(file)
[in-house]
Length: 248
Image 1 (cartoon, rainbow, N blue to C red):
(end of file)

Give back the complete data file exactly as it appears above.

[in-house]
Length: 248
Image 1 (cartoon, rainbow, N blue to C red):